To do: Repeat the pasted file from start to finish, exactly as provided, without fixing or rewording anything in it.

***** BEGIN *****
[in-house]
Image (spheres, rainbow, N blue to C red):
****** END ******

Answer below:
[in-house]
Image (spheres, rainbow, N blue to C red):